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Full text of "The Egyptian Problem"

138                   THE EGYPTIAN PROBLEM                CHAP.
suited to Egyptian conditions. The Omdeh, or village Maire, is a Government official. Sometimes he may be a large landowner ; or more often he is just an ordinary peasant. In any case he must own ten acres of land, a qualification often acquired by very devious means. There are 3,600 of them in Egypt, and a considerable portion of them are petty tyrants who terrorise their neighbours whilst maintaining themselves in office by pandering in every way to their superiors. It can be imagined what a chance the recruiting of the Labour Corps offered to their cupidity and vindictiveness, and how greedily they availed themselves of it. If the Mamour of the district or the Mudir of the province was not a '                        man to be squared by the usual methods, he was not
likely, at any rate, to lay himself open to the suspicion of lukewarmness with the British authorities by obstructing any process of recruitment that yielded good results. And all this could be done, and was done, under shelter of " orders from the English Government."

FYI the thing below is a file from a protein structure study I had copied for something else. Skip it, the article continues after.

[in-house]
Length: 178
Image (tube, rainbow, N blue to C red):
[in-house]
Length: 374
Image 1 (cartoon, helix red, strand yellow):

The Egyptian Labour Corps rendered most valuable services.    It was well organised and, having regard to its constitution and the purpose for which it was created, 11 !                               well-officered, at least in the field.   It grew continually
1                                   in  size.    The  information  semi-officially  published by
the British military authorities with regard to the Egyptian Labour and Transport Corps has been meagre. The total strength of the Corps is put down at a much lower figure than the estimate current in Egypt. "The numbers involved," according to a " Record of the Syrian Expedition " printed under authority, " eventually reached a total of 135,000 men engaged on six months' contracts, giving an annual turnover of some 270,000 i                         men, apart from replacement of casualties." But it is not
clear whether these figures are meant to include the labour " pools " mentioned as having been established " at the base ports of Alexandria, Port Said, Kantara, and Suez." In 1916, 10,463 men of the Egyptian Labour Corps,n depots and cotton markets to assis